Over the past month or two, I couldn’t help noticing that Rep. John Mica, chair of the Transportation Committee in the House, seemed completely consumed with fingerpointing at federal agencies. While the country’s transportation programs neared a crisis point — and indeed, there is no other way to describe the current deadlock over a transpo bill — the top dog in the House was barking up a whole other tree.
The House and Senate are locked in a battle royale over funding levels, pipeline approvals, environmental reviews, transit operations, street safety programs, and timelines. If they don’t figure it all out within the next 18 days – only six legislative work days for the House – transportation programs will expire, and reimbursements to states will halt. An estimated three million jobs hang in the balance.
That’s a pretty big responsibility for the transportation chairman. He must be staying up nights trying to craft a solution, right?
It’s hard to say what Mica is doing behind closed doors, but by the looks of his press machine, it looks like he’d rather be bird-dogging the Obama administration. His recent TV appearances have all been opportunities to express outrage over the conduct of federal agencies: inefficiencies at the Transportation Security Administration, partying at GSA conferences, even wasted office space at federal buildings.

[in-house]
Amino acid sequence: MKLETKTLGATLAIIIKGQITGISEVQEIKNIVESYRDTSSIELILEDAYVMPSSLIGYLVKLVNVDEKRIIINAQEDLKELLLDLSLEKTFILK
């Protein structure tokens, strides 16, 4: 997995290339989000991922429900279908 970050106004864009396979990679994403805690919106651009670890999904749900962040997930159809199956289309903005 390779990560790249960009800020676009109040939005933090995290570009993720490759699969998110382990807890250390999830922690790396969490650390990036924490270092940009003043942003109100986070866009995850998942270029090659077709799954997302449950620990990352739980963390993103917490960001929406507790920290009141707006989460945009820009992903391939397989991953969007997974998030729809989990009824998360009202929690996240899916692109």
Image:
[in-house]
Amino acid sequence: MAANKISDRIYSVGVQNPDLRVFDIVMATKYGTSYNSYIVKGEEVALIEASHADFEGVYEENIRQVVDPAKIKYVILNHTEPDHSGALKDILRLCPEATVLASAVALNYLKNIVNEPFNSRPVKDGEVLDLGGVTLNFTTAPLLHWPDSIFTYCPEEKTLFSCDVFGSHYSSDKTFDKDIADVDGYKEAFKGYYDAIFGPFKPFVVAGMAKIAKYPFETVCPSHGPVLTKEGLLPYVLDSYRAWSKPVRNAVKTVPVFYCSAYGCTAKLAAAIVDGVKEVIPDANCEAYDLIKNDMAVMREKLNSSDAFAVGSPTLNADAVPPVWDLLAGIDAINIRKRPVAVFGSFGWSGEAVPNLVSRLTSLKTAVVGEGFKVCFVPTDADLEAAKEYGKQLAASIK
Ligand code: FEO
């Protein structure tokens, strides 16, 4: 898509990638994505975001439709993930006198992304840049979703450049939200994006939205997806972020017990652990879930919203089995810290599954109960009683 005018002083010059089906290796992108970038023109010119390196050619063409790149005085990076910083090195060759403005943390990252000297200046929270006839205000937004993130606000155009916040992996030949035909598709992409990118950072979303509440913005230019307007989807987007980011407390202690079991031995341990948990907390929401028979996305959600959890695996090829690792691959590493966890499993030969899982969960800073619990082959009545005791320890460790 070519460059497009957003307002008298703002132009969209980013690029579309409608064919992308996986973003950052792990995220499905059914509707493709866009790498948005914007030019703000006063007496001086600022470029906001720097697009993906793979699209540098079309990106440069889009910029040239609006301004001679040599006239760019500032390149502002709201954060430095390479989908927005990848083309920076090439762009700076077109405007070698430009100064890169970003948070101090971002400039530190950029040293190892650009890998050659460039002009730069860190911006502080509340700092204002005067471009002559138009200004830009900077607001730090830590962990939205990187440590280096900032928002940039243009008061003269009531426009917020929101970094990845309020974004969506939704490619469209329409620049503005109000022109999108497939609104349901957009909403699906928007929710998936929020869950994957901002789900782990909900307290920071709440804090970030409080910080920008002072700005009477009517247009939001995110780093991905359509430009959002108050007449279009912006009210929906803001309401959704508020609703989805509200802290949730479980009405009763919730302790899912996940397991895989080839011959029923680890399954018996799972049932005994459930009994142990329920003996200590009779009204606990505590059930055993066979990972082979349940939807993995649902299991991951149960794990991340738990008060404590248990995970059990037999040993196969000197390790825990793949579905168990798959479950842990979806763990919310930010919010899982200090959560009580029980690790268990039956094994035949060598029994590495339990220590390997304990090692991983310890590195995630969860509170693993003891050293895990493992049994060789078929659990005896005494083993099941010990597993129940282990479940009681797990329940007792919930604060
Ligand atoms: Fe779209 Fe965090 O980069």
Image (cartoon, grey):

His committee’s press release today, as conference talks break down: an attack on the EPA for daring to regulate clean water.
Mica’s committee office may not be talking much about the $109 billion surface transportation bill, but it sure is focused like a laser on this EPA “power grab.” This is the third press release this week on that issue.
Of course, there should be oversight of the TSA, the EPA, and GSA. But is it just me, or does this flurry of press attacks look a little more partisan than policy? Where is Mica’s urgent call to get a bill done?
Given the House GOP’s obstinate insistence on attacking the worthier parts of the Senate transpo bill, it might be something of a blessing that Mica has been quiet during conference negotiations. Even so, it’s a curious silence.
Insiders say his vigilance regarding oversight of Obama administration agencies may be more than just your ordinary partisan posturing. Mica is term-limited at the helm of T&I after this year, and given the quagmire the reauthorization process has become, some doubt that leadership will grant him the waiver he’s requested so he can continue as chair. Rumors have been circulating for a while that House leaders might be looking for new blood to run T&I.
So, word has it that Mica has his eye on the chairmanship of the House Oversight Committee — the only other committee he serves on. Maybe he’s just trying to prove he’s got the stuff to follow in Rep. Darrell Issa (R-CA)’s footsteps, sniffing after everything the Obama White House does in a search for some wrongdoing to exploit.